This new found US enthusiasm for an expanded Indian geopolitical role contrasts with its strategic containing of India through China and Pakistan until now. If the bonds of democracy and shared human values are arguments today for a mutually reinforcing India- US relationship to manage global issues, they mattered little in the past in shaping US policies towards India. It is not easy to comprehend why the US kept a democratic country like India strategically trussed up as much as possible, while shoring up a powerful authoritarian behemoth like China and ignoring its nuclear and missile misconduct at India's strategic expense. Similarly, encouraging an increasingly Islamicised Pakistan to contain a secular, pluralist India and subvert its territorial integrity is not fully explicable even in the Cold War context.


The legacy of these policies remains alive in the US political system. The Indo-US nuclear deal was accompanied by several galling non-proliferation related restrictions that India chose to swallow. If at the non-governmental level powerful lobbies keep pursuing their malign efforts to impose more NPT related constraints on India, at the governmental level the US continues to tolerate Sino-Pakistan nuclear commerce outside the NSG framework while imposing, simultaneously, further disabilities on India in the NSG by tightening restrictions on transfer of enrichment and reprocessing technologies to non-NPT countries.

US hectoring of India on our nuclear liability Bill, with the commercial interest of US nuclear suppliers in mind, as was the case during Secretary Clinton's visit, makes the Indo-US nuclear deal appear less a strategic choice than a commercial one.

The Clinton vision of an economically integrated South Asia- Central Asia region, which could also help resolve the Afghan tangle, takes insufficient cognisance of Pakistan's truculence and the need for tougher policy options to discipline this quasi- rogue state. The US wants to "manage" its divergent India- Pakistan interests by wanting to be a strategic partner of both countries. Its balancing act between India and Pakistan continues. Exposing the ISI links of the head of the Kashmiri American Council in Washington DC should, beyond tit for tat jousting between the CIA and the ISI, lead to a re- working of US's "even-handed" Kashmir policy.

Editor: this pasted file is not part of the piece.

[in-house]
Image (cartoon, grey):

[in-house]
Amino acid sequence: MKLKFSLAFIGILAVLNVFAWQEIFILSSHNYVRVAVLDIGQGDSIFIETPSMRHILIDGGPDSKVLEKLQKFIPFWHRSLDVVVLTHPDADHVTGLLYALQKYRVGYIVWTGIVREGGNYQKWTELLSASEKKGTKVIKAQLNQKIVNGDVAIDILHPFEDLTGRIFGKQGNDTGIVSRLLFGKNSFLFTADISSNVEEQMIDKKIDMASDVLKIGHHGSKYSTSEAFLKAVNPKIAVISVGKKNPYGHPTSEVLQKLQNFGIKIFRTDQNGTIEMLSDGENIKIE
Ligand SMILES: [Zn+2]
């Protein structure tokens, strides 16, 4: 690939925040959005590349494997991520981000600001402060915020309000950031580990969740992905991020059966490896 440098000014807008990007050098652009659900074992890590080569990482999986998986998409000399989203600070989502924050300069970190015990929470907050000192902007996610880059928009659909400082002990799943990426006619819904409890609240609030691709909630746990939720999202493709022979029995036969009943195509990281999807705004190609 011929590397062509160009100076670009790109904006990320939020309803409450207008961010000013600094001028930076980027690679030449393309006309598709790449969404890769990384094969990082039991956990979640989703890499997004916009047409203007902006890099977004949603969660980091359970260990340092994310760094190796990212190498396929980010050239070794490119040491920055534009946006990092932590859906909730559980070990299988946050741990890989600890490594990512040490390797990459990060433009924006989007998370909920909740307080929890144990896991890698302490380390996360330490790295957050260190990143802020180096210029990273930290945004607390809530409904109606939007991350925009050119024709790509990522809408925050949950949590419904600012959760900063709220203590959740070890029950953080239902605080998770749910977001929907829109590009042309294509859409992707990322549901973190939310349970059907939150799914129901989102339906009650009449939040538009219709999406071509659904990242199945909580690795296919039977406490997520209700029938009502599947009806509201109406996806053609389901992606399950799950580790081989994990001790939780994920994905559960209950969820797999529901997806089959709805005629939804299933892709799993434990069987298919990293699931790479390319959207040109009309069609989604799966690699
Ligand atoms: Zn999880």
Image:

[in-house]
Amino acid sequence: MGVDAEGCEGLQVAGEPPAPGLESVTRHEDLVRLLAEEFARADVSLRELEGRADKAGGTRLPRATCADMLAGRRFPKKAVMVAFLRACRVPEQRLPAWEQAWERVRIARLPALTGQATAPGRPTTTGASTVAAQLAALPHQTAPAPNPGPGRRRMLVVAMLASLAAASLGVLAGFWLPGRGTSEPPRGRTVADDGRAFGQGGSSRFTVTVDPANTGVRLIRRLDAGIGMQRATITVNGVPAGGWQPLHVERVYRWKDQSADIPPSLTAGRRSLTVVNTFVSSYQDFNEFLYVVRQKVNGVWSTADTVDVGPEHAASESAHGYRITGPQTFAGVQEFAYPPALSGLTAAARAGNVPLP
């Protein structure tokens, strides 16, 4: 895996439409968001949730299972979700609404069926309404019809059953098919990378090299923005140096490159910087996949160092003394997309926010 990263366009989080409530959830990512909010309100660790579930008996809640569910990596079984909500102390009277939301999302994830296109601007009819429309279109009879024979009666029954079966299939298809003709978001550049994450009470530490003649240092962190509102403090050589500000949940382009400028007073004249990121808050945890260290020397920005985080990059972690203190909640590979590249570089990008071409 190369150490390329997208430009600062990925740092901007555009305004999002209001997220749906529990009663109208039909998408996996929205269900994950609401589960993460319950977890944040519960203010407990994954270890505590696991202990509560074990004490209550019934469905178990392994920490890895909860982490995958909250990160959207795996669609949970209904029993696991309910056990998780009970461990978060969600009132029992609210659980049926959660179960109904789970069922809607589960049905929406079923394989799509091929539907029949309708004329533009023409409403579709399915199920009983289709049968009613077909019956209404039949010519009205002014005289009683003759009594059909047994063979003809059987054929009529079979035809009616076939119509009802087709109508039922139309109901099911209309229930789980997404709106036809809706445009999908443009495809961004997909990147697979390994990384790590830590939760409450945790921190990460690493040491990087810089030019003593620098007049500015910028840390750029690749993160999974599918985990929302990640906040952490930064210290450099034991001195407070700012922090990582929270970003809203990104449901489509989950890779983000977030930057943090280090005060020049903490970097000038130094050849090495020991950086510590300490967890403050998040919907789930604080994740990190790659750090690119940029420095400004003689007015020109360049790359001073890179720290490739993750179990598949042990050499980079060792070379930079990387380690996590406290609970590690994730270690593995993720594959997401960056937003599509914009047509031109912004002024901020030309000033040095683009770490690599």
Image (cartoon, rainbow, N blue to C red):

While India should not have illusions about the extent of US strategic munificence towards it, there is much to be gained from engaging it comprehensively. Even if the US is not as yet a trusted friend, it is by no means an adversary. The US itself recognises that India will not be an ally of the US and that policy differences will remain. But it believes there are sufficient common interests to build upon-an approach that we should find congenial. If US interference in our Iran policy is a problem, its renewed Asia thrust to thwart China's hegemonic ambitions is not. Enhanced India-US cooperation in Asean, the East Asia Summit, in protecting the Indian Ocean sea lanes, in developing a new security architecture in Asia, etc is to our advantage, and so is the planned trilateral India-US-Japan dialogue.

India's relationship with the US is uniquely broad- based, covering trade, high technology, innovation, clean energy, agriculture, food security, education, health, counter-terrorism, homeland security, intensive people to people ties etc. The high- powered economic team accompanying Hillary Clinton signalled a desire to move ahead meaningfully. The US, always eager for for quick results, will push for economic reforms that give it more market access in India. We have our own priorities and demands. This normal cut and thrust of building mutualities in relationships should not make us defensive. We may be overplaying the word "strategic" to describe even the banalities of our bilateral agenda, but that our relations with the US have strategic implications for us and the rest of the world is indisputable.

Click here to read Sibal's piece in India Today